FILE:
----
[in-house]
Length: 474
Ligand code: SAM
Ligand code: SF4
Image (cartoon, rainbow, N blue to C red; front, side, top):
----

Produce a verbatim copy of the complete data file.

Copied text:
[in-house]
Length: 474
Ligand code: SAM
Ligand code: SF4
Image (cartoon, rainbow, N blue to C red; front, side, top):